June 29, 2011; Source: New York Times | A simple text message, “Santa Cause says run a food drive in ur community 4 Tackle Hunger,” recently received a huge response from teenage volunteers and inspired a nonprofit to turn to mobile technology to reengage young people. A major foundation shared their vision and gave a significant gift to show their support.

Do Something, a national nonprofit whose mission is to involve teenagers in civic action, sent the text message. Within nine minutes, 20 percent of their audience responded. Nancy Lublin, chief of Do Something, knew this reaction was a game changer and decided the nonprofit had to go mobile. “I want us to be the AARP for the 13- to 18- year-old set,” Lublin said recently.

Do Something wants to triple its roster to over 3.8 million members by 2014. Members are encouraged to become involved in “campaigns” at the local level. Recently, teenagers ran campaigns that collected over two million books for public schools in New Orleans. Campaigns are structured so that no money, cars, or adults are required.

International nonprofits have used mobile technology extensively for agriculture, health and financial causes. “I don’t think very many social change organizations are paying nearly enough attention to the technology available for engaging support and enhancing their missions,” said Alberto Ibargüen, chief executive of the John S. and James L. Knight Foundation, which recently gave Do Something a $1.5 million dollar grant.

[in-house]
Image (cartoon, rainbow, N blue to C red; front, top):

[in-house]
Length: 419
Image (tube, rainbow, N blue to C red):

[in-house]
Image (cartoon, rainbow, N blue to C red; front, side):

Do Something members aren’t asked for dues or any background information. Organizational leaders say that phones are an essential part of a teen’s social profile and young people are more open to text message requests from organizations than adults are. Reid Hoffman, founder of LinkedIn and Do Something board member noted, “Teens receive, on average, 3,300 texts a month. I’m convinced this is the best way to move teen philanthropic action to a new level of scale and effectiveness.”

Let’s hope that many of these teen activists will become the philanthropic leaders of the next generation.—Nancy Knoche